Born in London of Scottish descent 77 years ago last week, Gavin Ewart was educated at Wellington College and Christ's College, Cambridge. He has worked as a salesman, for the British Council, and as an advertising copywriter. His work is contained in The Collected Ewart 1933-1980 and Collected Poems 1980-1990 (both Hutchinson). He is also the editor of the Penguin Book of Light Verse. In 1991 he was given the Michael Braude Award for Light Verse by the American Academy and Institute of Arts and Letters.
In some quite ordinary bathrooms and kitchens
have been committed the most marvellous murders
such as, witnessed by sadists,
would have made their upright members like girders]
In sinks and coppers and wash-basins and bath-tubs
the victimised corpses have been dismembered
and there are thousands of real life crime books
that take good care that this is remembered.
Radio commentators, like black-fairy-story-tellers,
have gloated over the execution of Crippen and others
without for a moment thinking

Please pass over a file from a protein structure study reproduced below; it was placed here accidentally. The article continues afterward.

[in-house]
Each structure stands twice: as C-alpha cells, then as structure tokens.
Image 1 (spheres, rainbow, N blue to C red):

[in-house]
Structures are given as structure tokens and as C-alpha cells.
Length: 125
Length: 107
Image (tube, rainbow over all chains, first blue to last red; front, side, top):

that in a way he and they are brothers . . .
I believe the deep psychological fact is
that what they admire is the man with the nerve
to put some great cruelty into practice -
like Genghis Khan or Hitler, who would never swerve
or show weakness over Jews, gypsies,
liberals, psychopaths or reds.
After every battle Genghis had to have his
fixed quota of a thousand heads.
All of these determined lunatics
fascinate the meek and mild
who could never quite screw up their courage
to murder a child,
and perhaps even less to saw up a body
or hack one to pieces;
so these murderers act as a sort of safety-valve.
That is my thesis.Reuse content